Johannesburg, May 26 (EFE).- Former South African president Jacob Zuma on Wednesday pleaded not guilty to corruption charges at the beginning of his trial over an arms deal signed in the late 1990s.
“I plead not guilty,” the 79-year-old, who ruled the country between 2009 and 2018, said as he appeared in the Supreme Court of the Pietermaritzburg.
He is charged with illicit association, corruption, money laundering and fraud over nearly 800 operations related to a multimillion-dollar weapons deal signed with the French firm Thales.
Zuma, who faces other trials, is accused of receiving bribes with the intermediation of his then financial advisor, Shabir Shaik.
Zuma’s attorneys filed a motion to challenge prosecutor Billy Downer on the grounds that he lacked impartiality having previously testified against the former president.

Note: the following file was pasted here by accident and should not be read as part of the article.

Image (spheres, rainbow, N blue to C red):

After over two years of postponement and preliminary procedures, the trial was set to begin on 17 May, but the defense’s intention to challenge the prosecutors forced yet another delay.
The defense team has been accused of using court requests as a strategy to delay the start of the trial repeatedly, while the prosecutor’s office has always been ready to start the process.
Given the large volume of the challenge, which comprised some 1,000 pages, Downer asked for more time to prepare a response and the court set the upcoming session for 19 July.
The French company also pleaded not guilty on Wednesday.
Dozens of Zuma’s supporters gathered this morning in the vicinity of the court amid a strong police presence.